The new method is called createImageClip and takes as parameters two objects: one is the image URL and the other is the node that uses this image.

function createImageClip(path, node)
{
var canvas = document.createElement('canvas'),
ctx = canvas.getContext('2d'),
img = document.createElement('img');
..............

We create two HTMLElements – canvas and image, and we get the 2D context of the Canvas. Then, in an event handler of the onload event of the image we clip the canvas to an area defined by a Path. The path reads the size of the image and creates a full arc e.g. a circle inside that rectangle. Then the context draws the image and the new canvas is set as an image to the node using the setImage method:

img.src = path;
img.onload = function ()
{
canvas.width = img.width;
canvas.height = img.height;
var halfSize = img.width / 2;
ctx.save();
ctx.beginPath();
ctx.arc(halfSize, halfSize, halfSize, 0, Math.PI * 2, true);
ctx.closePath();
ctx.clip();

ctx.drawImage(img, 0, 0, img.width, img.height);

node.setImage(canvas.toDataURL());
};

You can use this approach to create clippings of images with variable shape.

Now instead of calling:

node1.setImage("ceo.png");

we call our custom method this way:

createImageClip("ceo.png", node1);

We do this for all nodes in the org chart.

That’s the end of this tutorial. You can download the sample together with all JavaScript libraries used from this link:

Custom Nodes With Image Clipping in JavaScript: Sample Download

Find out more about Diagramming for JavaScript at https://mindfusion.eu/javascript-diagram.html

JavaScript Database Designer with SQL Generator

We are going to use the JS flowchart library as a database design tool. We will create DB tables, add rows, connect the tables and generate SQL statements that would create the tables.

Here is a screenshot of the application:

Database Designer Application with SQL Generator

Database Designer Application with SQL Generator

I. Project Setup

We need two JavaScript libraries for the flowchart:

  • MindFusion.Common.js
  • MindFusion.Diagramming.js

We copy them in the work folder of the project, where we will put the HTML and the JavaScript code behind. Then we create an HTML file and name it DBDesign.html. There we will reference the two JavaScript libraries:

<a href="http://MindFusion.Common.js">http://MindFusion.Common.js</a>
<a href="http://MindFusion.Diagramming.js">http://MindFusion.Diagramming.js</a>

We reference those two libraries at the end of the HTML file, just before the closing tag. This way we are sure that the majority of the browsers will load the scripts correct.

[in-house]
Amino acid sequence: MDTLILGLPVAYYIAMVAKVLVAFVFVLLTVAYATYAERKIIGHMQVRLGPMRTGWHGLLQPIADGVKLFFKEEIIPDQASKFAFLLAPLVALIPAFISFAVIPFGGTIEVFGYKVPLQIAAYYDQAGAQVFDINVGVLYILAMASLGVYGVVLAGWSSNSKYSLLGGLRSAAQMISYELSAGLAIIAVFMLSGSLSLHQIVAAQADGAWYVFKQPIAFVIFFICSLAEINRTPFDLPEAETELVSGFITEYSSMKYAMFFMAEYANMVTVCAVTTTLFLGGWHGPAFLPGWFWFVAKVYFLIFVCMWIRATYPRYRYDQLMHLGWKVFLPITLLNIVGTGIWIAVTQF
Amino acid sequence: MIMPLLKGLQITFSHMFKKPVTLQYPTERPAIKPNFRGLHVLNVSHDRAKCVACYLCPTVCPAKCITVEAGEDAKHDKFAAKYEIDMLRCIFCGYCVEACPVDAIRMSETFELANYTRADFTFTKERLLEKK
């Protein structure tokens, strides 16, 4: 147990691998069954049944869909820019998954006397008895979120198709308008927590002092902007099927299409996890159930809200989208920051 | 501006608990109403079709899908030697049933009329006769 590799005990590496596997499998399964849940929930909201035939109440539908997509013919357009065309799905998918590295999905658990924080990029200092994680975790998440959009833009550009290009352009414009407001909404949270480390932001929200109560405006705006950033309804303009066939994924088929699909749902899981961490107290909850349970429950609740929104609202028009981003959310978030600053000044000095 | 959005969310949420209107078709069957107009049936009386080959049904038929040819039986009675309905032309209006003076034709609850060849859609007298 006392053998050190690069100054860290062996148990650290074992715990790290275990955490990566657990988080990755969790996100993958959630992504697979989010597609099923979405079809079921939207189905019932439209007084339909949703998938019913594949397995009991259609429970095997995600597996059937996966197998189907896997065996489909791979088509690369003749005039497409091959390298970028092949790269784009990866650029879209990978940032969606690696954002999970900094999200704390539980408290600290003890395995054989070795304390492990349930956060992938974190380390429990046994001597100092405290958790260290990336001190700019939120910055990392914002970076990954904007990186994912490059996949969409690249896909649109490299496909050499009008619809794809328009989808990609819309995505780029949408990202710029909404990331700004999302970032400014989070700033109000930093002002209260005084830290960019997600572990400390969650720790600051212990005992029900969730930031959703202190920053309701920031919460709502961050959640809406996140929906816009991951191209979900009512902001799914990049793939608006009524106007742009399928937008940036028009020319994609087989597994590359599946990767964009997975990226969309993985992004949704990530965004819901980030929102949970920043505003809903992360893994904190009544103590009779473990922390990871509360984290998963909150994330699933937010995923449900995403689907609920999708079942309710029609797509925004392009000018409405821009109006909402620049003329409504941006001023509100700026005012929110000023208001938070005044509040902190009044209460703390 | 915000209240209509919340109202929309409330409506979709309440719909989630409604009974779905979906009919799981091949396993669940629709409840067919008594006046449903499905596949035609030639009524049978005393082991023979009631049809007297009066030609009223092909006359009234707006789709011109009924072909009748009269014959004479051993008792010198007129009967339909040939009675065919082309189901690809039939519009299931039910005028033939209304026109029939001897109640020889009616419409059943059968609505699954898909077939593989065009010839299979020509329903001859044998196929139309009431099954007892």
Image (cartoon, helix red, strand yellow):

We need an HTML 5 Canvas element for the diagram to draw itself onto and we create one inside a <div> tag:

<div style="width: 100%;height: 100%;overflow: auto">
	This page requires a browser that supports HTML 5 Canvas element.			

It’s important to set and id for the Canvas element, that’s how we will get it in the JavaScript code behind file.

We create the JS file to be used by this project as DBDesign.js and we place it in the same directory as the two other JS files. We add a reference to it in the HTML page:

<a href="http://DBDesign.js">http://DBDesign.js</a>

II. UI Controls

The DBDesigner has a line of controls at the bottoms that provide menus – add/edit/delete row, create/delete/rename table and a button for connection info. We create them as buttons:

<div id="controls" style="height: 150px" left: 0; right: 401px;">
   <input type="button" id="btnAddRow" value="Add row" style="margin-left: 5px; margin-bottom: 2px;" />
   <input type="button" id="btnEditRow" value="Edit row" style="margin-left: 5px; margin-bottom: 2px;" />
   <input type="button" id="btnDeleteRow" value="Delete row" style="margin-left: 5px; margin-bottom: 2px;" />
…..

We add a textarea for the generated SQL and we close the div:

 <textarea id="generatedSql" style="height: 120px;width: 100%"></textarea>
</div>

When the user presses one of those buttons we show a dialog. The dialogs are forms. Here is the form that renames a table:

<div id="renameTable-dialog" title="Rename Table">
  <form>
	<fieldset>
  	 <label for="renameTableCaption">Table name</label>
	</fieldset>
	</form>
	</div>

III. General Diagram Settings

Let’s start coding the JavaScript methods for the DBDesign application. We use the document.ready method to initialize the Diagram:

var Diagram = MindFusion.Diagramming.Diagram;

var diagram;

$(document).ready(function () {
   // create a Diagram component that wraps the "diagram" canvas
   diagram = MindFusion.AbstractionLayer.createControl(Diagram, null, null, null, $("#diagram")[0]);
……….

});

We use the id of the diagram Canvas that we set in the web page and now create the diagram control. Once we have it we set some properties to it:

// set some Diagram properties.
diagram.setBehavior(Behavior.LinkTables);
diagram.setAllowSelfLoops(false);
diagram.setBackBrush('#F0F0F0');
diagram.setLinkHeadShape('Triangle');
diagram.setLinkHeadShapeSize(4);
diagram.getSelection().allowMultipleSelection = false;

We change the default Behavior of the diagram control to “LinkTables”, which means users would be able to connect table rows. We stop users from creating self loops on tables and add some styling: the back brush is set to light gray, the head shape of links is ‘Triangle’ and we forbid the users to select multiple objects.

The styling of the diagram is done through themes. We create a theme and add to it a style for the table nodes:

// set the Diagram style.
var theme = new Theme();

var tableNodeStyle = new Style();
tableNodeStyle.setBrush({ type: 'LinearGradientBrush', color1: 'rgb(224, 233, 233)', color2: 'rgb(102, 154, 204)', angle: 30 });
tableNodeStyle.setTextColor({ type: 'SolidBrush', color: 'rgb(45, 57, 86)' });
tableNodeStyle.setStroke('rgb(192, 192, 192)');

The tableNodeStyle sets the brush, text color and stroke for the tables. Let’s tell the theme object that this is the style for table nodes: